Caring For High Traffic Areas Of Your Lawn
One of the fastest grass killers is foot traffic.
Whether it's you, your kids or your furry friends, the daily wear and tear of life can quickly result in distressed or dead patches in your lawn.
Here's an introduction to keeping the high traffic areas of your lawn looking fresh.
The most ideal way to handle high traffic area problems is to tackle them before they even start. This means observing what traffic patterns in your yard look like (where there might be a lack of sidewalk that causes people to cut corners across the grass, for example). You'll also want to do some strategic thinking ahead about seeding.
"The type of grass you should plant to withstand foot traffic depends on whether you live in a cool-season (northern U.S.), warm-season (southern U.S.) or transitional (mid-South) grass area," Tractor Supply says.
For cool season areas, they recommend fescue, Kentucky bluegrass or perennial ryegrass. For dry season regions, the suggestion is Zoysiagrass or Bermudagrass. If you want a durable year round grass type, buffalograss might be right for you.
Once you start noticing some areas of your lawn that are getting heavier than usual traffic, there are some ways you can help your grass stay strong under pressure.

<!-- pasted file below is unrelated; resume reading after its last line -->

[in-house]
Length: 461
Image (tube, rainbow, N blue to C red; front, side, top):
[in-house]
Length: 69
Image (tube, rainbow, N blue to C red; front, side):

First, you might want to consider aerating. "Heavy traffic compacts soil, which crushes air pockets and prevents oxygen, nutrients, and water from circulating through it," GE Landscape Supply explains.
Aerating can be done on your own with a rake or by renting a punch core aerator, but the most effective aeration comes from a professional.
Find out how North Texas Lawns' services might be able to help with that.
Another crucial part of maintenance is simply thinking through what changes you can make to traffic patterns. If your pets are the culprits, consider keeping them in other areas of the yard for a while. Vary your foot traffic patterns, encouraging visitors to use the sidewalk wherever possible. Find storage options for heavy objects that are off the grass.
If your lawn is already noticeably damaged and suffering from bald spots, it's time for some serious repair efforts.
Lowes suggests that your best option is to plant new grass in the worn spots. This can be done through seeding and fertilizing, or by planting sodd if you want new grass there immediately. Whichever method you use, make sure to water and feed your newly repaired lawn often while the grass takes root.
If you're finding that, despite good maintenance practices and frequent repairs, your lawn is still consistently wearing out in the same places, it might be time to consider putting in a new sidewalk, gravel or a stepping stone pathway to direct traffic flow and keep your grass healthy.
Even with taking the best precautionary measures, every lawn needs a little extra help sometimes. Find out more about North Texas Lawns care and maintenance services.
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